In a decision that has left the majority of the sport’s fans completely dumbfounded, the FIA has decided to put the Bahrain Grand Prix back on the 2011 Formula 1 calendar after a meeting of its World Motor Sport Council in Barcelona on Friday.
Originally slated for a season-opening billing in March, the event was cancelled in the early weeks of the year due to political unrest in the country.
A decision on the race’s future was expected as early as the beginning of May, but a reprieve was granted until Friday 3 June before the FIA would make its final decision. Conveniently, Bahrain ended its state of emergency rule just two days before the WMSC meeting.
The decision to reinstate the race came after an apparent fact-finding by the FIA’s Vice-President, Carlos Gracia,
In a statement from the FIA, is declares its decision “reflects the spirit of reconciliation in Bahrain, which is evident from the strong support the race receives from the Government and all major parties in Bahrain, including the largest opposition group, all of whom endorse the Formula One Grand Prix and motor sport in the country. The WMSC feels that reinstating the Grand Prix is a means of helping to unite people as the country looks to move forward, and also recognises the commitment made by the Formula One teams, their employees and families, and personnel associated with the Championship including the local team of volunteers who are so vital to the event.”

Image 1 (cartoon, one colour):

What noble sentiments indeed, but that’s hardly the view that the sport’s fans or teams are going to be supporting. The teams made their position very clear during a FOTA meeting at Monaco, voting against holding a race there this year.
And certainly international human rights groups will argue that the sport – by this decision – has effectively condoned the alleged abuses that occurred during the unrest. Quite what this says about Formula 1’s involvement in China is perhaps a matter for another article…
The 2011 calendar has therefore been updated to reflect these changes, with the Indian Grand Prix bumped from its original October 30 slot to make way for Bahrain, so it now runs a back-to-back schedule with the race in nearby Abu Dhabi.
This now means that the Indian race will assume a date in December as the season-ending race on December 11, a decision that will upset many in Formula 1 given that this now eats into their off-season preparation time for the following 2012 championship year.
Fundamentally, the sport will cop a lot of criticism for this decision, and rightly so. Hopefully, for the event’s sake only, the Bahraini opposition that has been so fundamentally quashed by the ruling government will not find ways to disrupt the event itself. The last thing Formula 1 needs is to be a pawn in a bigger game of political chess between this sides, but if this occurs when it will only have itself to blame.
[Image via The Cahier Archive]
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